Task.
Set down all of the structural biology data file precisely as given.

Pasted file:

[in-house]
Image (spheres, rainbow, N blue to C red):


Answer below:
[in-house]
Image (spheres, rainbow, N blue to C red):